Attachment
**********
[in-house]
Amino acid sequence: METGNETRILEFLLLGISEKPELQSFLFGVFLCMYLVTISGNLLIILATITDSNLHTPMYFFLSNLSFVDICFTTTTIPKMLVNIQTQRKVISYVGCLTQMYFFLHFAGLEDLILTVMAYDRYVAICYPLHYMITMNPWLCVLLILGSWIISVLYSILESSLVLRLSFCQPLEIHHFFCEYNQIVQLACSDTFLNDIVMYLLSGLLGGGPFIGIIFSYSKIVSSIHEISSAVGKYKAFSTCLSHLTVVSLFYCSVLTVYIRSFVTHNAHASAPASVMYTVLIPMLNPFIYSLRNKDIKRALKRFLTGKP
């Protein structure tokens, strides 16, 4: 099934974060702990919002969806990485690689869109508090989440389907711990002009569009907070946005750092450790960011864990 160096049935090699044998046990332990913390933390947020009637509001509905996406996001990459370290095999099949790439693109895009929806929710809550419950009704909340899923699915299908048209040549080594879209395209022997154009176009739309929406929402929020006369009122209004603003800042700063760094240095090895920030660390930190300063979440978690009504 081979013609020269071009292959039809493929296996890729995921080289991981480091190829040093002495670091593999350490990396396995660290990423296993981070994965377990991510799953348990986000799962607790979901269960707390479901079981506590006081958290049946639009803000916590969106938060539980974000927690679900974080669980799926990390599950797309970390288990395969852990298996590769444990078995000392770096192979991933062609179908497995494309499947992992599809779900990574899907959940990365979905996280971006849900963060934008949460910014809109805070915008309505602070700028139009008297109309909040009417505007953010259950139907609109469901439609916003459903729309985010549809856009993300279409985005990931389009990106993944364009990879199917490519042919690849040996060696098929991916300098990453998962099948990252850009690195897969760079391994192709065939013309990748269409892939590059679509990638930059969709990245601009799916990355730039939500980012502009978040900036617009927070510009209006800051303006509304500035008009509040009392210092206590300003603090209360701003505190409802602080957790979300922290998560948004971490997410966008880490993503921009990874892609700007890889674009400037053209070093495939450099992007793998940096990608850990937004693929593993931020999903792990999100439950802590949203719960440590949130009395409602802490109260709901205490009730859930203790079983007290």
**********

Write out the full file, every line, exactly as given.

[in-house]
Amino acid sequence: METGNETRILEFLLLGISEKPELQSFLFGVFLCMYLVTISGNLLIILATITDSNLHTPMYFFLSNLSFVDICFTTTTIPKMLVNIQTQRKVISYVGCLTQMYFFLHFAGLEDLILTVMAYDRYVAICYPLHYMITMNPWLCVLLILGSWIISVLYSILESSLVLRLSFCQPLEIHHFFCEYNQIVQLACSDTFLNDIVMYLLSGLLGGGPFIGIIFSYSKIVSSIHEISSAVGKYKAFSTCLSHLTVVSLFYCSVLTVYIRSFVTHNAHASAPASVMYTVLIPMLNPFIYSLRNKDIKRALKRFLTGKP
């Protein structure tokens, strides 16, 4: 099934974060702990919002969806990485690689869109508090989440389907711990002009569009907070946005750092450790960011864990 160096049935090699044998046990332990913390933390947020009637509001509905996406996001990459370290095999099949790439693109895009929806929710809550419950009704909340899923699915299908048209040549080594879209395209022997154009176009739309929406929402929020006369009122209004603003800042700063760094240095090895920030660390930190300063979440978690009504 081979013609020269071009292959039809493929296996890729995921080289991981480091190829040093002495670091593999350490990396396995660290990423296993981070994965377990991510799953348990986000799962607790979901269960707390479901079981506590006081958290049946639009803000916590969106938060539980974000927690679900974080669980799926990390599950797309970390288990395969852990298996590769444990078995000392770096192979991933062609179908497995494309499947992992599809779900990574899907959940990365979905996280971006849900963060934008949460910014809109805070915008309505602070700028139009008297109309909040009417505007953010259950139907609109469901439609916003459903729309985010549809856009993300279409985005990931389009990106993944364009990879199917490519042919690849040996060696098929991916300098990453998962099948990252850009690195897969760079391994192709065939013309990748269409892939590059679509990638930059969709990245601009799916990355730039939500980012502009978040900036617009927070510009209006800051303006509304500035008009509040009392210092206590300003603090209360701003505190409802602080957790979300922290998560948004971490997410966008880490993503921009990874892609700007890889674009400037053209070093495939450099992007793998940096990608850990937004693929593993931020999903792990999100439950802590949203719960440590949130009395409602802490109260709901205490009730859930203790079983007290």